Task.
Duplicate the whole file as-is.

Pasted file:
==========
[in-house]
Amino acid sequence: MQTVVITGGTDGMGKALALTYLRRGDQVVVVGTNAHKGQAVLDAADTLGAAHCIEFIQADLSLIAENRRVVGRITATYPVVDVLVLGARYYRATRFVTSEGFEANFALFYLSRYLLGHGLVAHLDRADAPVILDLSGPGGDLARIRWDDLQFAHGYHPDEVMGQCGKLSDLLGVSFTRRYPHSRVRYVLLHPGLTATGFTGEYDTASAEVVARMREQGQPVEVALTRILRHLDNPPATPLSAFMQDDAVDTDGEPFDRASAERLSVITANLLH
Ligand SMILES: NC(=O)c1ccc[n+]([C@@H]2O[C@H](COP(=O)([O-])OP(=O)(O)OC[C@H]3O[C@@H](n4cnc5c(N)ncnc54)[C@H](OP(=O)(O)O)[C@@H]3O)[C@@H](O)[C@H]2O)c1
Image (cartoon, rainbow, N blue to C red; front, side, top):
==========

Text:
[in-house]
Amino acid sequence: MQTVVITGGTDGMGKALALTYLRRGDQVVVVGTNAHKGQAVLDAADTLGAAHCIEFIQADLSLIAENRRVVGRITATYPVVDVLVLGARYYRATRFVTSEGFEANFALFYLSRYLLGHGLVAHLDRADAPVILDLSGPGGDLARIRWDDLQFAHGYHPDEVMGQCGKLSDLLGVSFTRRYPHSRVRYVLLHPGLTATGFTGEYDTASAEVVARMREQGQPVEVALTRILRHLDNPPATPLSAFMQDDAVDTDGEPFDRASAERLSVITANLLH
Ligand SMILES: NC(=O)c1ccc[n+]([C@@H]2O[C@H](COP(=O)([O-])OP(=O)(O)OC[C@H]3O[C@@H](n4cnc5c(N)ncnc54)[C@H](OP(=O)(O)O)[C@@H]3O)[C@@H](O)[C@H]2O)c1
Image (cartoon, rainbow, N blue to C red; front, side, top):